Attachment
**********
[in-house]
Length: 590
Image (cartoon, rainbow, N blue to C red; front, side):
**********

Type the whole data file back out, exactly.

[in-house]
Length: 590
Image (cartoon, rainbow, N blue to C red; front, side):